A recent 20,000-tonne oil leak at an Arctic region power plant in Russia that is now being recognised is the sinking of ground surface due to permafrost thaw.
What is permafrost?
- Permafrost is ground that remains completely frozen at 0 degrees Celsius or below for at least two years. It is defined solely based on temperature and duration. The permanently frozen ground, consisting of soil, sand, and rock held together by ice, is believed to have formed during glacial periods dating several millennia.
- These grounds are known to be below 22 per cent of the land surface on Earth, mostly in polar zones and regions with high mountains. They are spread across 55 per cent of the landmass in Russia and Canada, 85 per cent in the US state of Alaska, and possibly the entirety of Antarctica.
- In northern Siberia, it forms a layer that is 1,500 m thick; 740 m in northern Alaska. At lower latitudes, permafrost is found at high altitude locations such as the Alps and the Tibetian plateau.
- While permafrost itself is always frozen, the surface layer that covers it (called the “active layer”) need not be. In Canada and Russia, for example, colourful tundra vegetation carpet over permafrost for thousands of kilometres. Its thickness reduces progressively towards the south, and is affected by a number of other factors, including the Earth’s interior heat, snow and vegetation cover, presence of water bodies, and topography.
Role of climate change –
- A study has shown that every 1 degree Celsius rise in temperature can degrade up to 39 lakh square kilometre due to thawing. This degradation is expected to further aggravate as the climate gets warmer, putting at risk 40 per cent of the world’s permafrost towards the end of the century– causing disastrous effects.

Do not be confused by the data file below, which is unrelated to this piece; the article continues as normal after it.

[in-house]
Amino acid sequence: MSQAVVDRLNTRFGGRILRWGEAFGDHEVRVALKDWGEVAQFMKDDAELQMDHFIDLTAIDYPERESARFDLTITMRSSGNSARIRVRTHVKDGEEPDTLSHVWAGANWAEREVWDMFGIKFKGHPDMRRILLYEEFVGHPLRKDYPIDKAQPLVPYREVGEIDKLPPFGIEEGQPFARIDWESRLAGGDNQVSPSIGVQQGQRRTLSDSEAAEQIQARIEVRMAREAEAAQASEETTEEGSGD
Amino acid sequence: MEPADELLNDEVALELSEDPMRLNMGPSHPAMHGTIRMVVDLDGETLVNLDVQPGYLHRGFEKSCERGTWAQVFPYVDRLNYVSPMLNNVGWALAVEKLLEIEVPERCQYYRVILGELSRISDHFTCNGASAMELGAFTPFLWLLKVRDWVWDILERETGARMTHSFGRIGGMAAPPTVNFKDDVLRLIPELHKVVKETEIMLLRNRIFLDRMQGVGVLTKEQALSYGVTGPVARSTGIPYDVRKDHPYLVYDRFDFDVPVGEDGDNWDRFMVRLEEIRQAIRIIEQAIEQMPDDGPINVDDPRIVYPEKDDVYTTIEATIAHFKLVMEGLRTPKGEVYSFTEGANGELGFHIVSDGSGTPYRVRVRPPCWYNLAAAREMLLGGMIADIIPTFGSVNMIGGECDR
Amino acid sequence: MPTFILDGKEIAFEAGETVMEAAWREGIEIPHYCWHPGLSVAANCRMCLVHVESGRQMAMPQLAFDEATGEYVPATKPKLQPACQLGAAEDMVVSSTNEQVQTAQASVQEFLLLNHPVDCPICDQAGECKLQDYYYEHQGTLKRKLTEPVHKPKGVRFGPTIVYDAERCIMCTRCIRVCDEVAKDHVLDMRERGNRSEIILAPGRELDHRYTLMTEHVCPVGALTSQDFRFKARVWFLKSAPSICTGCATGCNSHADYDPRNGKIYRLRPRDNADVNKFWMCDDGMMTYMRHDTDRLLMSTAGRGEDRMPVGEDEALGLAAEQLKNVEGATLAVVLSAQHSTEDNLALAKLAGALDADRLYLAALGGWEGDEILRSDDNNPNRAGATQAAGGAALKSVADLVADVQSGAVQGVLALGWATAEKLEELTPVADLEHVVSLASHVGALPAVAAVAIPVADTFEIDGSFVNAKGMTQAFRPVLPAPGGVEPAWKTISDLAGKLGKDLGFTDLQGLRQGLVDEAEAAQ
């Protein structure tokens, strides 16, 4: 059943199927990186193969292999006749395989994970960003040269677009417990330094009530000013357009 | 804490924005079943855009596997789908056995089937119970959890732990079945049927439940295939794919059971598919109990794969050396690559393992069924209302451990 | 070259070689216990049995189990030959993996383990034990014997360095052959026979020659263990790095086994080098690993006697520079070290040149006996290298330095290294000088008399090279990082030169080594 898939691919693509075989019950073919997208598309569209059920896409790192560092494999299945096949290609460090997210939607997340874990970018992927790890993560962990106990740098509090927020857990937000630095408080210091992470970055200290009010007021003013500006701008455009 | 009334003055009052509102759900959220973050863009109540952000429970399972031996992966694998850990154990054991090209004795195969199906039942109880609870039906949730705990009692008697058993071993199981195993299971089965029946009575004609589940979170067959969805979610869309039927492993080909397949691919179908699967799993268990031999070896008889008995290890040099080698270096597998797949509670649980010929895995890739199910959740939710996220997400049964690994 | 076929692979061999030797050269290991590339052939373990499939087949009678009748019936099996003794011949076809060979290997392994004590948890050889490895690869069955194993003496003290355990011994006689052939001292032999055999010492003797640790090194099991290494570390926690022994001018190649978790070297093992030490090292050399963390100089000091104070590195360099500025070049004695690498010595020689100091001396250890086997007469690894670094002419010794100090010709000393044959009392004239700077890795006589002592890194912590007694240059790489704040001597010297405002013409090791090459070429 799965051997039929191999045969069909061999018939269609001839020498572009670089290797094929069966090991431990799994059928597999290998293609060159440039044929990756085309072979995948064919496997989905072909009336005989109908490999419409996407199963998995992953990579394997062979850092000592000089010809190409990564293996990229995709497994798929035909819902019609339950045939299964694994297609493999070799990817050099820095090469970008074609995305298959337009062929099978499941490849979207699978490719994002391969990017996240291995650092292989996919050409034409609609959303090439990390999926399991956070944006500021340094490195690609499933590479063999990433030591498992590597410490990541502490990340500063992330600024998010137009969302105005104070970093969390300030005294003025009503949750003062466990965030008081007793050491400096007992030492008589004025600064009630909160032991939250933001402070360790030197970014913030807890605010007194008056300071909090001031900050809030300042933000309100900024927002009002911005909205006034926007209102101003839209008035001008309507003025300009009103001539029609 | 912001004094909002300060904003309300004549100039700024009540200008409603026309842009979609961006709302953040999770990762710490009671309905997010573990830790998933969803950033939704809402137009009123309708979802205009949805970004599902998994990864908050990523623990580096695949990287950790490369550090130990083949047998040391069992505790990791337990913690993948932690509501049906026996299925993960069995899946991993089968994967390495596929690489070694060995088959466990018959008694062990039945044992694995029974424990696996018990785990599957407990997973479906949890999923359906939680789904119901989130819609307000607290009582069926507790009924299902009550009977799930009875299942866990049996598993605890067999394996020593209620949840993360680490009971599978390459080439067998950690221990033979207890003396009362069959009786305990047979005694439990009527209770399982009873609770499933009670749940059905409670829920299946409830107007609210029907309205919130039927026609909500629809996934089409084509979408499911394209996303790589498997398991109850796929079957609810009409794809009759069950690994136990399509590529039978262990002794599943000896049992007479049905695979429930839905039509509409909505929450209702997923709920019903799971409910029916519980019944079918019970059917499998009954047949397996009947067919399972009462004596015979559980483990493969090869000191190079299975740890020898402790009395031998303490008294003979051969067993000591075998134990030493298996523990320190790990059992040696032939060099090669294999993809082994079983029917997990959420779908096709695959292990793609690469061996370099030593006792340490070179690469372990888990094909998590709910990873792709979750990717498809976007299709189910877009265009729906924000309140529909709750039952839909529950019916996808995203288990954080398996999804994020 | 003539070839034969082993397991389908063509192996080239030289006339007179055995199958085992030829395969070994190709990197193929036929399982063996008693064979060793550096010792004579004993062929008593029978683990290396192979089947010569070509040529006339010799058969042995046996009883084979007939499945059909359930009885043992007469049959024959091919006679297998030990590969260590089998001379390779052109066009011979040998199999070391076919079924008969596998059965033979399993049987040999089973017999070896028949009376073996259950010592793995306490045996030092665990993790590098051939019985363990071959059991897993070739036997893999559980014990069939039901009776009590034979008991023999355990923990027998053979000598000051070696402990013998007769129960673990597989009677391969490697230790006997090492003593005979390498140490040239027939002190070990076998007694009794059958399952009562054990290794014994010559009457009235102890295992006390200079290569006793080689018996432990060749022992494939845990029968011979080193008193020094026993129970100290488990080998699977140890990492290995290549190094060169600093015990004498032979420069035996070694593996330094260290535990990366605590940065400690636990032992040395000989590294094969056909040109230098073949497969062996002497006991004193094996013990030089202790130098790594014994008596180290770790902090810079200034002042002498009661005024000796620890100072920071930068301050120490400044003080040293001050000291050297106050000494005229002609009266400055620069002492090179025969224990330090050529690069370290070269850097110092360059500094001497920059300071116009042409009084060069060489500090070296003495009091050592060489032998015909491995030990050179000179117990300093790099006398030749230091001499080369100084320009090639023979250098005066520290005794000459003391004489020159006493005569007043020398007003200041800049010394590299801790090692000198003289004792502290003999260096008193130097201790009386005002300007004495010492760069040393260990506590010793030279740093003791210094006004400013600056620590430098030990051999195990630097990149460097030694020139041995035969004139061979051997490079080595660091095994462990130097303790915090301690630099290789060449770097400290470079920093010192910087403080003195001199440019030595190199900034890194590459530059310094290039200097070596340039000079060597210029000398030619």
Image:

- When permafrost thaws, microbes start decomposing this carbon matter, releasing greenhouse gases like methane and carbon dioxide. Researchers have estimated that for every 1 degree Celsius rise in average temperature, permafrost grounds could release greenhouse gases to the tune of 4-6 years’ of emissions from coal, oil, and natural gas — becoming a major factor of climate change in themselves.
Threat to infrastructure –
- As temperatures rise, the binding ice in permafrost melts, making the ground unstable and leading to massive potholes, landslides, and floods. The sinking effect causes damage to key infrastructure such as roads, railway lines, buildings, power lines and pipelines that serve more than 3.5 crore people that live in permafrost regions. These changes also threaten the survival of indigenous people, as well as Arctic animals.
- Soil subsidence is a major cause for concern in Siberia, where ground levels have collapsed by more than 85 metres in some parts.
- In Canada and Alaska, the costs of repairing public infrastructure are escalating. As per an Arctic Council report from 2017, melting ice would make infrastructure foundations unable to withstand loads that they were able to during the 1980s — a finding that has been corroborated by the owners of Russia’s oil leak site, who said after the incident that the fuel tank’s supporting pillars had held it in its place “for 30 years without difficulty”.
Cause of diseases –